Moving on to the cooling/air circulation. The enclosure has an intake and outtake fans along with a big 12v fan set below the bed at the base facing up(for air circulation). The intake is a 120v blower style fan that runs through a mesh filter(Actively filter out dust and particle that could affect prints).

To talk a little bit more about carbon filtration. There’s a lot concern about VOCs and printer emissions in general and I’ve printed with abs several times. Now I’m located in a smaller apartment so I want to make sure that take as much precaution as possible, so I installed a carbon filter on the side of the printer where the exhaust fan is and I always try to have fan in the room pointed towards window/door.

ABS results from being printed at 250c, graph shows TGA curve for ABS

Above you can see a picture that might look a little confusing, but basically it shows the different compounds that are produced when abs is printed(or heated) at 250c. Styrene can lead to headaches and other serious health hazards(like cancer) in higher ppm in the immediate area, so it would be ideal not to consume that. So in comes the activated carbon filter, idea here is to capture those fumes within the carbon. So far it seems to be working but I need more information to reach a conclusion on how well.

So with that being said I plan on putting together a small air quality monitor together using the esp32 and a CCS811 module. Hackaday has an excellent article and project you can put together in no time. Now they’re using the “Particle Photon” as the MCU(assuming don’t know much about the particle photon) and I’ll be using esp8266 12e so there will be a little difference there but not so much. (https://hackaday.com/2019/09/03/3d-printer-emission-monitor-quantifies-the-stench/)

The idea here would be to monitor what VOCs the printer is emitting and see is anything is coming though the carbon filter. I’m thinking not a lot mainly because after adding the carbon filter it removed all the smell.

So that’s my enclosure, but of course you want to have your own. I think a lot of 3d printers don’t necessarily need one, especially if you can take advantage of draft shields, but there’s always trade offs. I made an enclosure because I had the material on hand and didn’t want to print draft shields on high temperature stuff(along with all the other advantages of an enclosure). I also wanted a space to do assemblies on top and have the ability to manage the octoprint install directly(instead of SSH in the event anything goes wrong). So far it has served me well, so lets talk about some of the ‘requirements’ for a basic enclosure.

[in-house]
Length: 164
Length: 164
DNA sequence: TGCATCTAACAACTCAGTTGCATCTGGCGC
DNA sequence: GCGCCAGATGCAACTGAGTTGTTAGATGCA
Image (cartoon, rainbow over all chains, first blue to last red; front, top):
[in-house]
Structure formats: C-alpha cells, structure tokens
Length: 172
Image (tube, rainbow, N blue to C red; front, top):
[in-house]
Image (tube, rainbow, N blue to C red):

• Solid construction, not looking to have the enclosure become a safety concern.
  • Holds a set temperature and insulates from environment.
  • Must have an entry point(a door) for removing prints and for doing maintenance(Can be one in the same or could have one for print removal and one for maintenance).
  • Filament storage, either on the inside or outside of the enclosure.
  • Electronics are another basic requirement, even if we’re just talking about a basic exhaust fan.
  • Some type of status monitoring, this should be done with electronics and goes back to temperature control.

So looking at that list it can seem like a daunting task to undertake something like this especially when you get into specifics of monitoring temperature and then trying to control equipment based on those readings. I try to take things on piece by piece, one thing at a time.

So another option is to buy an enclosure and there’s nothing wrong with that and as long as it meet your needs I’d go for it. Now I felt like building one was the best option for me and looking at what I did I think anybody with the material and spare time should do it. You can customize the whole thing and really learn a lot in the process.

Some helpful links: